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31 Hopi items will travel from Connecticut for ‘a community visit’ with artisan descendants

Patty Talahongva of the Hopi Tribe holds a piece of pottery made by her great-great grandmother, Kwamana, housed in a collection at Wesleyan University in Middletown, Connecticut.
Heather Cabot
Patty Talahongva of the Hopi Tribe holds a piece of pottery made by her great-great grandmother, Kwamana, housed in a collection at Wesleyan University in Middletown, Connecticut.

This weekend, a collection of Hopi artwork housed at a Connecticut university will briefly return to the Hopi Reservation nearly a century after a family bought the pieces during a cross-country road trip.

Patty Talanhongva stumbled upon “Hopi Summer: Letters from Ethel to Maud,” a book chronicling the special friendship between wealthy New Englander Maude Melville and Ethel Muchvo, a Hopi potter.

It also mentions a relative of hers.

“I found out that Maude Melville and her family went up on the top of First Mesa to the village of Hano,” said Talanhongva, “and they bought pottery from my great-great grandmother, Kwamana.”

In 1927, Maud and Carey Melville, along with their three children, stopped in Polacca, Arizona, on the Hopi Reservation for eight days after driving across the country. They left from Massachusetts.

During that time, the Melville family purchased lots of Hopi art, gifted to Wesleyan University in 1976. Last June, Talahongva went to Wesleyan in Middletown, Connecticut.

“And I saw my great-great grandmother’s pottery in the collection,” she added, “So I immediately started thinking, how can we have more Hopi people see this, not just in my family, but in the whole tribe?

Her creative vision is finally coming true through her initiative: "Tuma Angwu Owya." She got permission, with help from Wesleyan, to temporarily return these treasures, including pottery and kachina dolls, to their homelands.

“We’re bringing 31 items back to Hopi for a visit,” Talahongva said, “and that’s what ‘Tuma Angwu Owya’ means, we’re going to go visit home.”

“This project reimagines the typical museum ‘collections visit’ by bringing the repository to the community,” reads a statement written by the Wesleyan University Library. “By centering contemporary Hopi families and Hopi lands in the request for collections access, Talahongva’s project lays the groundwork for more inclusive, responsive, and culturally informed models of stewardship and collections care and we are proud to partner with her.”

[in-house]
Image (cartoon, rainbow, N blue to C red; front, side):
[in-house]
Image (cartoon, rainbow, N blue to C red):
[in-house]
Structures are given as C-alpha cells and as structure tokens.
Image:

The three-day visit is special since descendants of the original artisans, like Talahongva and her relatives, will get a chance to see and handle the artwork, but also reconnect with the legacy of their ancestors privately.

“We have so many elders coming to see this collection,” Talahongva shared, “a woman who’s 93-years-old and going to see her mother’s pottery for the first time since she was a little girl. It’s important to have these connections, and it's important to share the art of the community with the community.”

“But we need help with getting the shipping costs covered,” she added. “Anyone knows how expensive that is, but imagine but imagine that the packaging is custom made for each item.”

In the meantime, she still expresses "esquali," or thank you in Hopi, to her partners and collaborators for their continuing support.

“Thank you so much to both Wesleyan University for saying yes, to bringing these items to Hopi to have a community visit, and then do something that other museums and universities are not doing,” Talanghova elaborated. “They could partner with the community to bring these collections to the community to make it easier for the people to see these items.”

The artwork will also be on public display Saturday and Sunday in Tuba City at the Moenkopi Legacy Inn.

Gabriel Pietrorazio is a correspondent who reports on tribal natural resources for KJZZ.
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